Editor’s note: Startland News is an in-kind sponsor of Conquer for Good and supports its mission to cultivate a community in which entrepreneurs create positive social change.
How can Kansas City create a supportive community for its purpose-driven companies?
That’s the key question and mission behind an upcoming event that aims to create a vibrant ecosystem for socially-conscious enterprises in Kansas City. Set for March 2, Conquer for Good will host several Kansas City entrepreneurs for a half-day of discussions to spur positive social change and inspire a balance of profitability and purpose.
Conquer for Good founder Mark O’Renick said he hopes the event will drive momentum for more firms to evaluate how they’re improving society.
“We believe social enterprise and purpose-driven companies have an infinite potential to change lives, communities and the world. It’s a movement, however, that isn’t fully understood,” said O’Renick, who’s also the co-founder of Will & Grail. “The lines between for-profit, nonprofit and governmental models are blurring. And the forces of entrepreneurial innovation and enterprise scale can create solutions that can make lasting change. The models and stories are there, and we felt that those needed to be shared so others can see and be inspired by what others are doing to act with purpose, on purpose.”
The event has snagged an impressive lineup of speakers, including water.org co-founder Gary White. Named to the Time 100 list of most influential people in 2011, White’s organization has transformed how clean water and sanitation projects are delivered and financed, addressing a challenge that’s among the leading causes of illness and death. The organization merged with actor Matt Damon’s water charity in 2009 and has helped bring clean water to more than five million people around the world.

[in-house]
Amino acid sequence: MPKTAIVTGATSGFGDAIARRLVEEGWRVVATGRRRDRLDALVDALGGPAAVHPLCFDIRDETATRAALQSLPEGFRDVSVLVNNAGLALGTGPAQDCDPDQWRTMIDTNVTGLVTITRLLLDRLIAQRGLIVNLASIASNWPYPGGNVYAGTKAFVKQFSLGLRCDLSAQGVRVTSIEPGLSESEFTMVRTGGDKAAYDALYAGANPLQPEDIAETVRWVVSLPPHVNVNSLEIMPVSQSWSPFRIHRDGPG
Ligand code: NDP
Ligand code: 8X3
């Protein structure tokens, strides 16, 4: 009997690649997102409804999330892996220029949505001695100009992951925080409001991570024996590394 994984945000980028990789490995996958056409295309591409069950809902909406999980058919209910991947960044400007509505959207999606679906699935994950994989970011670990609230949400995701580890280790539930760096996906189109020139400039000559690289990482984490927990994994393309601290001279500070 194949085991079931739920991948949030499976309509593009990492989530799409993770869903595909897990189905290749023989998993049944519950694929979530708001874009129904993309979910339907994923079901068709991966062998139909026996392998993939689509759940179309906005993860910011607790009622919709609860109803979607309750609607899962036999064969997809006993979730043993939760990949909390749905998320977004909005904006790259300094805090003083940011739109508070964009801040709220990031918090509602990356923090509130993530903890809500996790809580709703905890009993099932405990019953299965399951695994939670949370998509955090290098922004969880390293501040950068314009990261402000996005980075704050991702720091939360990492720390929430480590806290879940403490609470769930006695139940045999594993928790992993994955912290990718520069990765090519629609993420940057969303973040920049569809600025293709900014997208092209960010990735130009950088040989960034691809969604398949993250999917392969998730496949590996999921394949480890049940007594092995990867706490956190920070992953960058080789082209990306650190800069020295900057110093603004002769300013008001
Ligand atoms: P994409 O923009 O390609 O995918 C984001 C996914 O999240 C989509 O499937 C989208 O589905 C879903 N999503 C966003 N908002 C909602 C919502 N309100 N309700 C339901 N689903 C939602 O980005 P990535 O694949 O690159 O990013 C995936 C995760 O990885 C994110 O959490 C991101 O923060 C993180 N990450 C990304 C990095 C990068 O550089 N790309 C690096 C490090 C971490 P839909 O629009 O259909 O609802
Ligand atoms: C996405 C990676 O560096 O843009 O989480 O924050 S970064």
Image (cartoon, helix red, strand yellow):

Other speakers at the event are: Arnold Development CEO Jonathan Arnold; Charlie Hustle founder Chase McAnulty; Global Orphan Project CEO Joe Knittig; Cerner vice president of marketing Melissa Hendricks; KCMO innovation analyst Kate Garman; and O’Renick.
O’Renick said the biggest changes in the world start in small ways and that together the area can start working toward many an impact.
“By bringing Kansas City together to learn and celebrate what we are doing as part of the ecosystem of social change, we’re hoping that people will see and act on the potential we have,” he said. “Not only to make a difference locally, but to model new ways of solving problems, removing barriers to scale, and building companies that grow and make an impact around the world driven by a core sense of purpose. We’re really fortunate that so many great organizations have gotten behind this, because the power of this ecosystem from an economic development standpoint is real.”
To learn more about the event, check out its website here.